News

Local bands get a chance to shine

There’s a disease all parents worry their teenager will catch. Usually only the parents of boys have to worry about it, but it can strike girls, too.

It comes in many forms and under many names — Rockstar Fever, Musician Madness or simply “I Want to be in a Band” — and luckily is rarely fatal, but it almost always changes a child’s entire life.

Once afflicted, the victim loses interest in everything he liked before — sports, school and even video games — and instead spends all his free time in the basement, strumming a guitar or banging on drums.

He even stops hanging out with all his old friends, and gets a new circle of friends, all with the same disease.

Many parents consider the disease their worst nightmare and want their child cured right away, but some experts say this is a mistake. They say it isn’t a bad sickness but a good one, and instead of taking medication to kill the symptoms, infected kids should be given encouragement, support and plenty of outlets to let the disease flourish.

One of these so-called experts is Doc Welter, a biology teacher at South Kitsap High School, who remembers fondly his own past life in music and the positive influences that linger still.

Welter said he’s seen signs of the fever in the school’s halls for years, as he watched kid after kid lugging guitars on their backs or groups stopping suddenly to jam, but didn’t know how to help them until last year.

That’s when he got the idea for a special concert called “Battle of the Bands,” a fundraiser in which several of the students’ bands, usually toiling away in secret, could hit the high school stage and perform for everyone to see — and pay for.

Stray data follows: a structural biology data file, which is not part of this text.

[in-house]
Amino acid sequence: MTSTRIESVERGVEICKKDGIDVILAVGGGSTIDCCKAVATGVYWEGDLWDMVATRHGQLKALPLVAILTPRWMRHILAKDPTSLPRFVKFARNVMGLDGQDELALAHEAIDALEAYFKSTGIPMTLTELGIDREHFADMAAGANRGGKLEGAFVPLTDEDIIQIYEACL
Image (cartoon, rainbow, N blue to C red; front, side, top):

Welter said it all began when he showed some sophomores a video he took of a similar music show he organized years ago in Montana, and they erupted in excitement, asking why they couldn’t do something like that at their school.

“And it kind of snowballed from there,” he said, explaining that there were some hurdles the snowball had to jump, however.

For all the unbridled enthusiasm the teens showed for the project, Welter said he knew there would be a lot less of it among the school officials.

“They were very hesitant,” he said, explaining that it took time and effort to convince the administrators to approve an event they said had “blown up in their faces” in the past.

“But I was persistent, and so were the kids,” he said. “We pledged that everything would be by the book and safety would come first, and finally they said, ‘OK, we’ll try it once, Doc. And if it turns out like you said, then we can talk about maybe having another one.’ ”

Proudly, Welter reports the kids behaved (and performed) beautifully at last year’s show, during which six bands played and more than 300 kids came to cheer them on.

“We had two police officers there to make sure everything went OK, and they left halfway through the show,” he said, adding that the officials who attended admitted it “wasn’t anything like they expected.”

Welter attributed most of the success to the responsible attitude of the kids, and how they took to heart his warnings that if that first concert did not go well, there would not be another one.

“I was honest with them,” he said. “I treated them like bands getting ready to perform at The Gorge. I told them what would fly and what wouldn’t, and I told them if I saw anything inappropriate, like nudity, swearing or anything like that, I would pull them off the stage and that would be it.”

Even now, a week before the second concert, Welter still couldn’t be happier that the first went so well, and that he is in the final stages of putting on the second, although he admittedly is stretched a little thin.

It’s hard enough keeping 25 teenagers on track, let alone worrying about making sure there are enough posters, tickets, microphones and stagehands for the show. But one look at Welter’s face, and you know he believes the concert is worth every stressful second of preparation.